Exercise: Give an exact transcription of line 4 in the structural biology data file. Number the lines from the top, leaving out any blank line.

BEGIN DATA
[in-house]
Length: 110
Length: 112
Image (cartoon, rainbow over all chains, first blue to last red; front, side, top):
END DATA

Image (cartoon, rainbow over all chains, first blue to last red; front, side, top):